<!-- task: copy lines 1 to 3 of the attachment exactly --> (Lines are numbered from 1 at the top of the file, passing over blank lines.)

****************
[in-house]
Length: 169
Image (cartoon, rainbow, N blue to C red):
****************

[in-house]
Length: 169
Image (cartoon, rainbow, N blue to C red):